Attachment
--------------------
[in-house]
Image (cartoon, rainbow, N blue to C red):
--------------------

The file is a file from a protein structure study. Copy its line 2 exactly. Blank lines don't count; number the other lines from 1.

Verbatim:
Image (cartoon, rainbow, N blue to C red):